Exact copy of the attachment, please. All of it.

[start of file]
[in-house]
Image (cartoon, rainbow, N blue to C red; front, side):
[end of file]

[in-house]
Image (cartoon, rainbow, N blue to C red; front, side):